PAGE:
of research, with perfect command of funds and time, 
and with all possible appliances and facilities, who should 
produce a report on Palestine which might be accepted by 
all parties as a trustworthy and thoroughly satisfactory 

It is hoped that an arrangement may be made by which 
Captain Wilson will be able to remain for a few months in the 
country after he has completed the survey of Jerusalem and 
the levelling between the Mediterranean and the Dead Sea; 
and it will not be difficult to find competent persons to 
undertake the other departments named above. The 
annual cost of each investigator may be taken roughly at 
^800 (including both remuneration and expenses). 

Her Majesty the Queen has been graciously pleased to 
become the Patron of the Association, and to contribute 
to its funds. 

As will be presently seen the Society has attacked 
every one of those four divisions in turn, with the ex- 
ception of the second, which is now under consideration. 




Cromlech in Galilee. 

In the year 1865-66, the first or preHminary expe- 
dition was sent out under Captain Wilson and Lieut. 
Anderson, the results of which are detailed in chapter 
III. (see p. 38). 

In the year 1867, a great stimulus was given to the 
Society by the announcement that excavations were 
about to be made in Jerusalem, and letters were written 
to the Times by Mr. George Grove, which, backed 
by one or two leading articles, created for a short 
time very great enthusiasm. It must be remembered 
that the founders hoped to accomplish all their objects 
in a very few years, and by the expenditure of a com- 
jjarativcly small sum. With this belief the Committee 
contemplated a brief existence and began by asking 


for donations, rather than for annual subscriptions, 
so that in the first three years the comparatively- 
large sum of iJ^8,ooo, which was raised in answer to 
their appeals, consisted almost entirely of donations. 
The Queen, who became the Patron of the Society, 
gave ;^i5o; the University of Oxford ;,^5oo; the 
University of Cambridge ;^250 ; the British Asso- 
ciation ;^ 1 50 ; the Grand Lodge of Freemasons ;^ 105 ; 
the Syria Improvement Committee ^250 — this Com- 
mittee subsequently voted other large sums ; the City 
of Edinburgh sent up ;^200; Glasgow £\Ap\ Cam- 
bridge i^ioo ; and Oxford £,<^0. There were eleven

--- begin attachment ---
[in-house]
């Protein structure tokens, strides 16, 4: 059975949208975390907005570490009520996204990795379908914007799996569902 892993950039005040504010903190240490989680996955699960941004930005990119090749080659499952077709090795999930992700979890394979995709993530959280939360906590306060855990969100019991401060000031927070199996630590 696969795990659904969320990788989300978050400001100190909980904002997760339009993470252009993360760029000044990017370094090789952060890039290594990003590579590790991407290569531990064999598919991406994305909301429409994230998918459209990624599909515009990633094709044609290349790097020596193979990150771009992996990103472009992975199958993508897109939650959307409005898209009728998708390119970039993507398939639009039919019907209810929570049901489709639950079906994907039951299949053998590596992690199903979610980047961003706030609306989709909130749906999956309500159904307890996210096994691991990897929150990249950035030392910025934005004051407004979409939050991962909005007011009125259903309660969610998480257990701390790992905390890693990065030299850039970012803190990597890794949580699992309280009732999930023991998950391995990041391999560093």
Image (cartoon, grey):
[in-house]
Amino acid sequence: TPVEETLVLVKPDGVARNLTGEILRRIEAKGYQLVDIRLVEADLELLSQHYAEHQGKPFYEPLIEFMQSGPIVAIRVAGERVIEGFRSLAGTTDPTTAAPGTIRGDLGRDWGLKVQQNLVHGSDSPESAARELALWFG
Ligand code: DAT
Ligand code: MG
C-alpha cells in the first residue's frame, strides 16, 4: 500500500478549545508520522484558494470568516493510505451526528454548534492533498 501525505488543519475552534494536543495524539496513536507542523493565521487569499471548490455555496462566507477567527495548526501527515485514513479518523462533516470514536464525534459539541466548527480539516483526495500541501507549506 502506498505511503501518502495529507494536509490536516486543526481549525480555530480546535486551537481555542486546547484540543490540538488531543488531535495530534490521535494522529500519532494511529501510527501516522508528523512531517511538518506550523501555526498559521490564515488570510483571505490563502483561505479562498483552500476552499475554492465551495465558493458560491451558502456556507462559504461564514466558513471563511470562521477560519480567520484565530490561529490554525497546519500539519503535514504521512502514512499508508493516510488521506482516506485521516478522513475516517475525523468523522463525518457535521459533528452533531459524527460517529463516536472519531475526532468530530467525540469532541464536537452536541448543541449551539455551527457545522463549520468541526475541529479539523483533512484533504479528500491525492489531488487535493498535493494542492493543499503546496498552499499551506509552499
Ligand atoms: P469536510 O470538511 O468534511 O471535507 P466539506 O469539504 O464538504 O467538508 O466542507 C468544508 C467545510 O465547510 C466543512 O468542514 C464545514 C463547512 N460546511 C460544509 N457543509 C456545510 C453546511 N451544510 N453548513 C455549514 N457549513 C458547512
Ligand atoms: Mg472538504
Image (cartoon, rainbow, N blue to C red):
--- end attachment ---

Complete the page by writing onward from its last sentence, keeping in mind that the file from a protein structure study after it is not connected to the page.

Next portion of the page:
donors of ;^I00, and a great many others in the first 
lists who gave between ^50 and ^100 each. But as 
yet there were hardly any annual subscribers. These 
had to be created when the need for them arose, 
namely, when all the money of the " first sprightly 
flow " had been spent. 

The time of great donations has never passed away, 
and scarcely a year passes but some gift of a very 
substantial kind rejoices the Committee ; but the 
Society no longer wholly depends upon them. It 
possesses now a large body of subscribers who send 
every year their half-a-guinea, guinea, two guineas, 
and sometimes more, to the Secretary. There are, at 
the present moment, about 3,500 of these. There 
have been times when there were more and no 
doubt the announcement of work recommenced in 


Jerusalem, or of Captain Conder's return to the field, 
would again, and quickly, run up the numbers. Some 
of these subscribers are old friends who have continued 
with us from the beginning, always interested in the 
work and always looking for the appearance of the 
Quarterly Statement ; others drop off year by year 
and are replaced by new subscribers ; the general 
depression of trade and the bad times have forced 
some reluctantly to retire, while others send up their 
contributions only when a party is in the field, in a 
belief, which it seems impossible to destroy, that when 
an expedition has once come home with the note- 
books full, no more money is wanted. Some, again, 
arc interested more in one branch of inquiry than in 
another. Some continually urge the Committee to 
resume excavation work in Jerusalem, while others 
are eager for the completion of the Survey. It is, 
however, to this great body of annual subscribers that 
the Committee have chiefly looked for the last eighteen 
years for the funds wherewith to prosecute the work, 
and it will always be their endeavour and hope to be 
constantly enlisting new members, and extending the 
area covered by their members. It is certainly better,